The horses that live at the park come from a variety of sources. Many of the horses are on loan from their owners for a specific amount of time. The loan of horses by owners, breeders or associations allows the park to present a large variety of breeds and types of horses for our visitors to see. In some instances, horses may be donated to the park. Some horses are purchased by the park according to need, often through funding from generous donors.
What happens when horses are ready to retire from their duties performing and working in the various equine areas of the KHP?
At the Kentucky Horse Park, our horses are our family, so their health and happiness is our utmost concern. If a horse reaches retirement age, or for any reason can no longer perform its normal duties, its original owner is contacted to initiate a return home. If the original owner is unable or unwilling to take back the horse, then the park finds a suitable adopted home. Most horses do not do well without a job, if only as a family pet and need one-on-one attention. Horses with special needs, making them unsuitable for normal adoptions, are often adopted by individuals who had cared for them at the park. In some cases, the best option is for the horse to remain at the park for the remainder of its life, many times performing a much less stressful job such as being petted and groomed in our Kids Barn.
Are there famous horses buried at the park?
The great Man o’ War, the most famous Thoroughbred race horse of the 20th century, is buried at the park in a memorial with a statue dedicated to his life. Buried with him are some of his offspring, including Triple Crown winner War Admiral, who was upset by Seabiscuit in their famous match race in 1938. Other famous horses buried at the park can be found at the park’s Hall of Champions and include: Thoroughbreds Forego, Bold Forbes, John Henry, Alysheba and Kona Gold; Standardbreds Rambling Willie and Cam Fella; Saddlebred show horses CH Imperator, CH Sky Watch and CH Gypsy Supreme; and, Quarter Horse racehorses Sgt. Pepper Feature and Tailor Fit. The great European race mare Allez France is also buried at the park, as is the European Steeplechaser, Jay Trump. A complete listing of all horses buried at the park can be found under Park Memorials.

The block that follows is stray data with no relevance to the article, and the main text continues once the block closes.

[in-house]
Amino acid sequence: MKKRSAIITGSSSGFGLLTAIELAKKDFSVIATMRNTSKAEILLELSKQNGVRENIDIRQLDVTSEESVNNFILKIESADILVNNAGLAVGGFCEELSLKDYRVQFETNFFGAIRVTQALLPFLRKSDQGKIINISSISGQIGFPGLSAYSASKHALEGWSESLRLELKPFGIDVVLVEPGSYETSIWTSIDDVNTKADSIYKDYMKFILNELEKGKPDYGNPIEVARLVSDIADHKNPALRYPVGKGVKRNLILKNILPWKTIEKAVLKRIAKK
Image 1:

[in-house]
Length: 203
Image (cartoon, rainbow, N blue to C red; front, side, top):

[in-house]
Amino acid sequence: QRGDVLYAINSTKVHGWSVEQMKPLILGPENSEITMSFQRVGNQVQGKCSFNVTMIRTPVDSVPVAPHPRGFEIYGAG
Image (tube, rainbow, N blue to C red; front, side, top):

Does the whole horse get buried?
Many guests have heard that some only bury the head, the heart and the hooves of a horse, and have the rest of the horse cremated so that the ashes can be scattered over the farm. The head represents the horse’s intelligence and personality; the heart represents the spirit or will to win; and, the hooves represent their speed or agility. Horses here at the Kentucky Horse Park are buried in their entirety.
This may have been a tradition well before the industrial revolution, when heavy machinery was not available to bury livestock, and rendering of livestock was common. Although it is possible a horse owner may have requested certain “parts” to be returned from the renderer, it was not common practice for a farmer/horse owner to treat a beloved equine in this manner, even in death.
The “head, heart, hooves” story just doesn’t reflect reality. It’s become a gruesome trope that misleads the general public about the proper way to “respect” and “honor” an otherwise respected animal.
Here at the Park, we never disrespect the body of a deceased equine. Horses that pass away are treated with dignity and honor. They are either buried whole, or cremated and interred in a place of honor.
About the Park
Who owns the park, and how many people work there?
The Kentucky Horse Park is owned by the Commonwealth of Kentucky, and is one of many agencies within the Kentucky Tourism, Arts and Heritage Cabinet. There are approximately 77 full-time and 43 seasonal staff that work for the Kentucky Horse Park itself. Approximately 400 people work in the various businesses or organizations of the National Horse Center, or as service providers on the grounds.
How old is the park?
The park hosted its first big event, the World Three-Day Championships, in September 1978, but the park officially opened to the public in November 1978.
How big is the park?
The park covers 1,229 acres of Kentucky’s famous Bluegrass. This land provides space for the park’s tourist attractions, competition facilities, 260-site resort campground, and offices of more than 30 national and regional equine organizations and associations, as well as open farmland for pastures for our beloved horses.